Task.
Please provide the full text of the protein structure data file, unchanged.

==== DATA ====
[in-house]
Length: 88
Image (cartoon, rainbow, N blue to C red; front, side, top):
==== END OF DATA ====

[in-house]
Length: 88
Image (cartoon, rainbow, N blue to C red; front, side, top):